Latinos and immigrants start companies at higher rates than white non-Latinos, while blacks increasingly are jumping into business ownership...
Latinos and immigrants start companies at higher rates than white non-Latinos, while blacks increasingly are jumping into business ownership, a new study finds.
Among other findings of the Kauffman Index of Entrepreneurial Activity: 550,000 businesses launch each month nationally — an average of 0.36 percent of the adult population. That rate has remained roughly unchanged over the study period, 1996 to 2004.
This is the first study to measure business starts among all adults in the United States, including those who are self-employed, said its author, Robert Fairlie, an economics professor at the University of California, Santa Cruz.
The data, issued by the Ewing Marion Kauffman Foundation of Kansas City, Mo., give a broader look into microbusinesses than U.S. Census figures capture.
Most Read Stories
- Family of girl snatched by sea lion lambasted for ‘reckless behavior’ WATCH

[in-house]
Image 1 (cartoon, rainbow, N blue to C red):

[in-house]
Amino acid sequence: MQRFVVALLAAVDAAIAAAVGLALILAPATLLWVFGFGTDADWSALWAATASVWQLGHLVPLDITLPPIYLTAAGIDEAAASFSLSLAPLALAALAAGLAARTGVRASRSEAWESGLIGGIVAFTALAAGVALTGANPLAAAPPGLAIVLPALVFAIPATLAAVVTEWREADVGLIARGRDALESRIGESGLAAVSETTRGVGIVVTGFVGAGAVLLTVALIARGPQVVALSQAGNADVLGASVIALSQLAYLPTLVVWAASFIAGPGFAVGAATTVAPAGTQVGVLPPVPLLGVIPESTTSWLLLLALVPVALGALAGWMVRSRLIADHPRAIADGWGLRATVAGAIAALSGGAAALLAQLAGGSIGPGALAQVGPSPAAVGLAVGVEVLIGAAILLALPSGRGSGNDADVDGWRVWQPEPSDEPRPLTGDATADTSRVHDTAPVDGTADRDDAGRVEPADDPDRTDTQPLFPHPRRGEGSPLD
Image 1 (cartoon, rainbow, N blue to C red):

- Seahawks’ Michael Bennett does great things, but why the immaturity?
- What drivers can and cannot do under Washington state's new distracted-driving law
- Student’s pregnancy tests a Christian school’s values
- Startling video shows sea lion snatching girl from pier in Richmond, B.C. WATCH
“If [this] data are correct, the volatility of new businesses is much higher than we anticipated. That means we are losing thousands of businesses a year or that there is a lot larger underground economy” than estimated, Jerome Katz said yesterday. Katz is entrepreneurship professor at St. Louis University.
Two surprising results emerged from the study, Fairlie said. The number of Latinos who started businesses jumped to 0.48 percent of the adult population last year from 0.38 percent in 1996 — greater than the 0.39 percent rate for white non-Latinos. And immigrants have substantially higher entrepreneurship rates than U.S. natives — 0.46 percent vs. 0.35 percent.
The study also showed that business-start rates are lower for African Americans than other racial or ethnic groups. But the data show that blacks increasingly are becoming entrepreneurs — rising to 0.35 percent last year from 0.29 percent in 1996.
“It was good news; it hadn’t gone up in a while,” Fairlie said.